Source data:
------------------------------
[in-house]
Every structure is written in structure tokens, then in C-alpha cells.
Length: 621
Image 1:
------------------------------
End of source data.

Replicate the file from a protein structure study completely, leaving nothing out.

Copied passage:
[in-house]
Every structure is written in structure tokens, then in C-alpha cells.
Length: 621
Image 1: